MFA Dissertation (A+)

I would like to start this article with a tribute to Raph Koster the genius, who managed to bridge the gap between happiness and successful game design based on empirical research. My MFA thesis awarded with A+ accompanies “Shakespeare’s Hunt” the iPad game for The Globe Theatre and its focus was mainly research on games and game design. I have to admit I found the subject fascinating.

Below is the chapter that refers to game design cover the following subjects:

  1. Defining games
  2. Endorphins, pattern recognition and learning
  3. Game mechanics (motivators and demotivators).

The taste left in my mouth from all that experience of learning about games and how deep they go into how we, humans, function is summarised in the epilogue of my thesis below:

Game design studies refer to research on positive psychology and in practical terms on ways to trigger human happiness. As a subject of research, it may not be included in my future work (i.e. augmented reality for cultural heritage), however the knowledge I gained from working on this theme is invaluable. Firstly, I personally found stunning the fact that it is simple, at the level that it can be documented, to make one, anyone, feel happy. It was also of my surprise to realise that regardless of personal taste and things people like or dislike, up to a point we are all the same; we think, act and react in the same way much more often than one would reckon. Researching game design was of great benefit for myself, as I came to understand better the behaviour of people around me and more importantly my own behaviour as well. The knowledge gained from this year’s research, will follow me for all my life and it already does, as now every time I reactively smile I immediately try to see the pattern that made me do that; like I am playing a game of my own.

Shakespeare’s Hunt (Video)

Shakespeare’s Hunt is a pilot of an alternate reality (also known as treasure hunt) iPad game for the exhibition of Shakespeare’s Globe Theatre. I worked on the project as a partner of Metavore London, developing the software, designing the interface and contributing to its game design aspect. My contribution to this project is also my thesis for the second year of my MFA studies.

In the beginning of the last academic year I had as a personal goal, for my final project to work closely with a cultural institution and develop a piece of work that would serve a purpose set by the professionals who work there. Given that last year my prototype applications were designed to fulfil needs that I had only come across through my research, I got the feedback that some assumptions of mine don’t stand for the majority of the cultural heritage institutions. In particular, during a conference earlier in the year I had the chance to discuss with Nancy Proctor, head of mobile strategy for the Smithsonian Institution,  and commenting on my work, she made the point that some of the material ARS:CI is aiming to take advantage of, can be provided only by a small minority of museums that can afford it e.g. under-drawings of paintings, or 3D reconstructions of damaged sculptures.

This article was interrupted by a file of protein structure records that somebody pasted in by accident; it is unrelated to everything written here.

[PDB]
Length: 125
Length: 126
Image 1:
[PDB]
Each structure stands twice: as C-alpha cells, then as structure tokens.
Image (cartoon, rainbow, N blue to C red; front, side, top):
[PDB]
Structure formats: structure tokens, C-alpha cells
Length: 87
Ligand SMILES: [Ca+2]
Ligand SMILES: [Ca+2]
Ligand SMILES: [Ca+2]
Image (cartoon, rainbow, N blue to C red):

For Shakespeare’s Hunt we had the chance to work closely with people from Shakespeare’s Globe, hence it was a great pleasure for me to have their insight and be influenced during the design phase of the project by the objectives that the Globe itself follows when it comes to matters such as the use of new technologies in exhibition spaces and education.

For my studies I have been writing a document about this project, which I am planning to circulate to a few conferences on the topic and hopefully get it published. I am still working on it, however the synopsis as of today is the following:

Museums’ missions are stated as providing education through the exhibition and interpretation of their collections [1] and for the vast majority of cultural heritage institutions the interpretative material is static, constituted by long pieces of textual or audio information. According to Georgina Goodlander, Interpretive Programs Manager for the Smithsonian Art Museum “The twenty-first-century audience has an increasingly short attention span, extremely high expectations when it comes to finding and engaging with information, the ability to communicate with friends and strangers quickly and on multiple platforms, and a very open approach to learning”. [2] This paper argues that as audiences evolve, so should exhibition spaces and Shakespeare’s Hunt is an attempt to exploit the benefits emerging technologies have to offer and provide an experience designed according to the audience of our era as described by Goodlander above.